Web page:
May 10, 2002
In high school a lot of people wanted to
hang out with the cool kid. You know, the kid whose father let him
have a BB gun, got a car when he turned sixteen and was generally
the envy of every boy and the dream of every girl. You wanted to be
part of his group, have lunch at the same table, and go to the same
I suppose in the world of international
relations, the cool kid is the United States. It's the one everyone
wants to be like - big, good-looking, powerful, rich,
Of course not everyone loved the cool kid,
the same way not everyone loves the US. Some people were jealous, or
thought him arrogant; that he had too much and couldn't see beyond
the end of his own nose. Or that he was so busy being adored he
never took the time to get to know anyone else.
I think of that every time I hear how Canada
feels slighted by its "best friend" the United States.
Between the bombing and the booing, there's been a lot of talk
lately about how much we Canadians feel under-appreciated by our
American neighbours. We search every speech to see if President Bush
mentions us. If he does mention us we look to see if we got
mentioned before Argentina.
We're so insecure that we make sure the cool
kid to the South knows Mathew Perry and Shania Twain are Canadian.
When the Simpsons did five minutes of an episode in Toronto, it was
front page news. When the TV program 60 Minutes does a show about
Canadian immigration, it causes questions to be asked in Parliament.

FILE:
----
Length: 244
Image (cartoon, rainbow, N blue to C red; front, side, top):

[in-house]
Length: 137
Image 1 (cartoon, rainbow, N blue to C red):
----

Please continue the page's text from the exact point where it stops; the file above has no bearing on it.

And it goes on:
There was a study just released that shows
once again that Americans really don't know anything much about us.
Apparently 30% of Americans think Canada is just another US state -
something like Oregon. They don't know we're its biggest trading
partner, and don't consider us their closest ally.
I suppose there will be much wringing of
Canadian hands that we are so unappreciated by the cool kid. After
all, we know so much about their history, spend our holidays there
and wish our dollar had the same sort of clout.
Some Canadians have gone so far to insist
that there really shouldn't any differences between us and the US,
and that we should be "merging" our money, laws,
immigration and pesky little things like government.
If you don't think there's any difference
between us, just ask for vinegar for your French fries the next time
you're in America. I did it once in Florida and instead of the
little shaker bottle that comes standard in every Canadian greasy
spoon, they brought me a gallon jug from the kitchen. I think the
staff kept it on hand for cleaning windows. And after giving it to
me they all stood around to see what the crazy foreigner was going
to do with it.
But we all have to grow up sometime, and
with a little maturity we realize that it isn't as important to be
liked or acknowledged by the cool kid as it is to do your own thing.
And while it's nice to have cool friends,
its more important to be yourself, especially if those cool friends
don't really pay that much attention to you. It's a lesson we teach
all our children.
It's just a part of growing up.